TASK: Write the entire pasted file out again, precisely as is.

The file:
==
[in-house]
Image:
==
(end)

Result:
[in-house]
Image: